5 Golden Rules of Entry Level Resume Writing

Avoid a two-page resume unless you’re applying to be an executive or partner.

While two-page resumes are standard, you should only use one unless you have years of experience or are applying for a senior management position. You may want to use two pages for technical, engineering, or scientific jobs or if you have dozens of achievements. If your resume is for an entry-level position, keep it to a single page.

A two-page resume is a good choice for business school and four-year graduates, especially if you have much to say about your extracurricular activities. Include internships, co-ops, campus organisations, sports teams, volunteer work, and leadership programs. These sections will show your professional brand and may help you stand out in the applicant pool.

Quantify accomplishments with numbers, facts, and data

A quantitative approach to entry-level resume writing is a proven way to make your resume stand out among competitors. Employers are interested in how much you achieve in a job, not just the everyday tasks you complete. Quantitative bullet points show the hiring manager that you can deliver. For example, if you managed a team of two people, quantify your accomplishments by showing the number of employees you helped onboard or the dollars you brought in through sales.

Quantifying your accomplishments with data and facts will help recruiters understand your work history. It will also let them see how results-oriented you are.

Include an education section

An education section on your resume can be an excellent way to sell yourself to a hiring manager. It should include any coursework that will be useful in your new career, any volunteer work, and any academic awards you have received. In addition, if you are still in college, you can list your expected graduation date. You can also use a resume checker to ensure that your education section is formatted correctly.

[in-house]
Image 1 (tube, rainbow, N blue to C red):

Your education section can be as brief as two lines or take up the entire page. How much space you allocate to the section will depend on the rest of your resume and the stage of your job search. In general, it’s a good idea to place the education section before or after your work experience.

Avoid exceptional graphics and unique layouts.

While exceptional graphics and unique layouts can add visual appeal to your document, they should not be included in entry-level resume writing. Instead, focus on the content of your document. If you must use icons, be sure to follow the proper use of resume icons. This will give your document a professional look at online essay helper.

When choosing a layout for your resume, select a font that is easy to read. Many resume writers use sans-serif fonts, but serif fonts are also a good choice. Font sizes should be around 10-12 points. Avoid fonts that are much smaller or larger than this. Also, ensure that your resume is free from spelling and grammar errors, and get someone to look it over for accuracy.

Avoid adding hobbies or interests.

It’s a good idea to include hobbies and interests in your CV, but they shouldn’t be the main focus of your document. These sections should be brief and at the end of your resume. They should convey a message that you’re a fit for the job. Include hobbies that are related to the job you’re applying for. Listed hobbies and interests can range from sports and crafts to professional pursuits like music or art.

You shouldn’t include it in your resume if you don’t have any relevant experience in a particular hobby or interest. Most companies want to know about your interest in particular topics. So whether your interests are broad or specific, they’re essential to you.

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